How To Increase Your Productivity With One Task

Kenny Jahng —  2011/03/19 — 2 Comments

Whether you are in a ministry situation where you are a solo pastor, team-based ministry or non-profit organization, there’s one thing everyone surely shares in common: tons of stuff to do on your plate.

Overworked, burned out ministry leaders are everywhere. You can see them a mile away – they are ineffective, impersonal, rough on the edges and just plain old not fun to be around.

One of the key success factors for a vibrant personal ministry is not taught in seminary: Adapting your own personal workflow so that you become more productive over and over again.

Here is one method that I find very helpful when coaching others that are seeking a way out from the overwhelming demands put on them(selves) in their vocational roles: The S.M.A.R.T. Goals Framework.

Without creating small feedback loops around incremental tasks, it is so easy to get lost and distracted by whatever shiny and new comes along your way. So what are SMART GOALS exactly? And how do you get some?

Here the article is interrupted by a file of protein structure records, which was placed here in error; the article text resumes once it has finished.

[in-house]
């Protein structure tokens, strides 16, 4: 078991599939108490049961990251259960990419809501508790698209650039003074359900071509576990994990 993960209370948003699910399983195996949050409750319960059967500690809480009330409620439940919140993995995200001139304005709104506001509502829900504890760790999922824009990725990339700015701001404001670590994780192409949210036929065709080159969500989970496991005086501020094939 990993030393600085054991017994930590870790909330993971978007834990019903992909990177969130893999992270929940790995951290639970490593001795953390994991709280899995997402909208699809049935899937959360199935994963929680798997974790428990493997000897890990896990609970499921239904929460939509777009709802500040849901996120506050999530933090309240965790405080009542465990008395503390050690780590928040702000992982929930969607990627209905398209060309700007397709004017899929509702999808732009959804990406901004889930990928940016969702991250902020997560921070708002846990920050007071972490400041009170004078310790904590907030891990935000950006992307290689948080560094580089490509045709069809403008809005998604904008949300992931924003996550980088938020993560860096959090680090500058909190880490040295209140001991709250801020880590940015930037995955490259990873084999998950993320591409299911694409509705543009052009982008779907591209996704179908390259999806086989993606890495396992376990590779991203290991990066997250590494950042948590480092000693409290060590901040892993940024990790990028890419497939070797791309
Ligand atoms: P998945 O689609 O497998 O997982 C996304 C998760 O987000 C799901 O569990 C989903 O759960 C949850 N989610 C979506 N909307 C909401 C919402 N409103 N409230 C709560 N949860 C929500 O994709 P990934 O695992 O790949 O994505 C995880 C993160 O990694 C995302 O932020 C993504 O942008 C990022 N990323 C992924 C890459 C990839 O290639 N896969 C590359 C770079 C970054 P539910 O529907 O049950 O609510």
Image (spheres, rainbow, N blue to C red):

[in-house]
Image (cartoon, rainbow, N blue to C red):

One of the small modifications that I make sometimes is to change “Realistic” to “Relevance” because for some coaching clients, they are trained to feel good as long as they are doing *something* — even if it is out of the scope of what they have been charged to do in their job.  Being aware of “Relevance” is critical to being productive. Ensuring “Relevance” can bring freedom to some people so that they can turn down new assignments with integrity so that they are not overloaded and burn out.

Hope this helps introduce a new concept to you or remind you to look at your daily routine with this effective and focused lens.

QUESTION: HOW OFTEN DO YOU SET GOALS FOR YOURSELF? Daily? Monthly? Quarterly? Ad-Hoc? Never?

Related Posts with Thumbnails

2 responses to How To Increase Your Productivity With One Task

  1. Thanks Kenny. I'm going to lock myself away for the rest of the team tomorrow and work on getting SMARTER with my day and goals!
    Robert and Land of a Thousand Hills

  2. Great Robert! If you define for yourself SMART goals that back into your overall strategic objectives, you'll have a way to keep yourself accountable and on-track along the way.

    Being able to articulate and define those short-term goals should also remove any anxiety from not having the confidence that wherever you invest your time & energy won't be a waste. This is similar to how the GTD framework uses the process to capture everything you must get done to provide real, tangible freedom on a daily basis.

Leave a Reply

Text formatting is available via select HTML. <a href="" title=""> <abbr title=""> <acronym title=""> <b> <blockquote cite=""> <cite> <code> <del datetime=""> <em> <i> <q cite=""> <s> <strike> <strong>

*